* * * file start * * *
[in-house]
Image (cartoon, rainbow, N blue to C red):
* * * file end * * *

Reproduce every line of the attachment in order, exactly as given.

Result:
[in-house]
Image (cartoon, rainbow, N blue to C red):